Posted by: gcarkner | October 15, 2013

David Bentley Hart’s Provocative Take on Naturalism

David Bentley Hart’s Concerns about Naturalism/Materialism

~Provocative Quotes taken from The Experience of God: being, consciousness, bliss. (Yale University Press, 2013)

David Bentley Hart 

Naturalism, alone among all considered philosophical attempts to describe the shape of reality, is radically insufficient in its explanatory range. The one thing of which it can give no account, and which its most fundamental principles make it entirely impossible to explain at all, is nature’s very existence. For existence is most definitely not a natural phenomenon; it is logically prior to any physical cause whatsoever…. In fact, it is impossible to say how, in terms naturalism allows, nature could exist at all. (18)

The God described by the new atheists definitely does not exist. (23)

I think it is fair to say that  a majority of academic philosophers these days tends  toward either a strict or qualified materialist or physicalist view of reality (though many might not use those terms), and that such a position rests upon a particularly sound  rational foundation. But, in fact, materialism is the most impoverished  in its explanatory range, and among the most willful and (for want of a better word) magical in its logic, even if it has been the fashion for a couple centuries or more. (48) See also Lawrence Bonjour, “Against Materialism” in Robert C. Coons and George Bealer, eds., The Waning of Materialsm (Oxford: OUP , 2010), pp.3-23.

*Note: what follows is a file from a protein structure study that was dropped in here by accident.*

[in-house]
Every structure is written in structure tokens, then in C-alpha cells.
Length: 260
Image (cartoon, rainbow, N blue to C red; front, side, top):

Should Methodology ever become Ontology? An admirably severe discipline of interpretive and theoretical restraint [modern empirical science] has been transformed into its perfect and irrepressibly wanton opposite: what began as a principled refusal of metaphysical speculation, for the sake of specific empirical inquiries, has now been mistaken for a comprehensive knowledge of the metaphysical shape of reality; the art of humble questioning has been mistaken for the sure possession of ultimate conclusions. This makes a mockery of real science. (71)